Attackers used a Java vulnerability to infect Facebook employees in what the company's security team described as a "sophisticated attack."
The attack exploited a previously unknown vulnerability in Java, according to Ars Technica. Facebook Chief Security Officer Joe Sullivan told Ars Technica, "the attack was injected into the site's HTML, so any engineer who visited the site and had Java enabled in their browser would have been affected, regardless of how patched their machine was."
"This looked like a new campaign that wasn't linked to previous Advanced Persistent Threat activities," Sullivan added.
Java has become a frequent target for attackers, with exploits often making their way into malware kits such as the notorious Blackhole kit as well as recently discovered exploit kit known as Whitehole, which was found by security researchers earlier this month targeting the known Java flaws CVE-2011-3544, CVE-2012-1723, CVE-2012-4681, CVE-2012-5076 and CVE-2013-0422. Earlier this month, Oracle pushed out an emergency patch to address a spate of ongoing attacks against Java.
According to Facebook, which has grown to more than one billion users, the attack was discovered by its security team in January and the company disclosed it on Feb. 15. News of this attack came on the heels of an attack on Twitter that caused the micro-blogging service to prompt 250,000 of its users to reset their passwords. Twitter disclosed the attack Feb. 1 after it detected unusual access patterns.
In the case of Facebook, the company said Friday that it was compromised after a handful of employees visited a mobile developer Website that had been compromised to serve an exploit that allowed malware to be installed on the employees' laptops.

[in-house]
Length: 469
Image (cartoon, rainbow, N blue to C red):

"The laptops were fully patched and running up-to-date antivirus software," according to Facebook. "As soon as we discovered the presence of the malware, we remediated all infected machines, informed law enforcement and began a significant investigation that continues to this day."
No user data was compromised in the attack, Facebook's security team noted in its acknowledgement of the incident.
"In this particular instance, we flagged a suspicious domain in our corporate DNS logs and tracked it back to an employee laptop," according to Facebook. "Upon conducting a forensic examination of that laptop, we identified a malicious file, and then searched companywide and flagged several other compromised employee laptops."
"After analyzing the compromised Website where the attack originated, we found it was using a "zero-day" (previously unseen) exploit to bypass the Java sandbox (built-in protections) to install the malware. We immediately reported the exploit to Oracle, and they confirmed our findings and provided a patch on Feb. 1 that addresses this vulnerability."
As part of its investigation, Facebook contacted security teams at other companies as well as law enforcement.
"Facebook was not alone in this attack," according to the company's security team. "It is clear that others were attacked and infiltrated recently as well. As one of the first companies to discover this malware, we immediately took steps to start sharing details about the infiltration with the other companies and entities that were affected."
"We plan to continue collaborating on this incident through an informal working group and other means," the team said.